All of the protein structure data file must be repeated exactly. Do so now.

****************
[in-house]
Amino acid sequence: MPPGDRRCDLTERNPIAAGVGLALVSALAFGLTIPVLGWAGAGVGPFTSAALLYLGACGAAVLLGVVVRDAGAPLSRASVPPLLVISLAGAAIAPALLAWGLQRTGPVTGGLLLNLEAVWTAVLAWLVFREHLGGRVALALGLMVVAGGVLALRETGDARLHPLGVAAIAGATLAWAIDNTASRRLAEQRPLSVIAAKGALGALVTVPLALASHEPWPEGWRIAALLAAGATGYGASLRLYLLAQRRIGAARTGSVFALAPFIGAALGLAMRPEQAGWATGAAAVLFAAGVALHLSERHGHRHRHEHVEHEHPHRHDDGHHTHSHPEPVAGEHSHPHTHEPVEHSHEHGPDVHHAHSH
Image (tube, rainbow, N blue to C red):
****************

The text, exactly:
[in-house]
Amino acid sequence: MPPGDRRCDLTERNPIAAGVGLALVSALAFGLTIPVLGWAGAGVGPFTSAALLYLGACGAAVLLGVVVRDAGAPLSRASVPPLLVISLAGAAIAPALLAWGLQRTGPVTGGLLLNLEAVWTAVLAWLVFREHLGGRVALALGLMVVAGGVLALRETGDARLHPLGVAAIAGATLAWAIDNTASRRLAEQRPLSVIAAKGALGALVTVPLALASHEPWPEGWRIAALLAAGATGYGASLRLYLLAQRRIGAARTGSVFALAPFIGAALGLAMRPEQAGWATGAAAVLFAAGVALHLSERHGHRHRHEHVEHEHPHRHDDGHHTHSHPEPVAGEHSHPHTHEPVEHSHEHGPDVHHAHSH
Image (tube, rainbow, N blue to C red):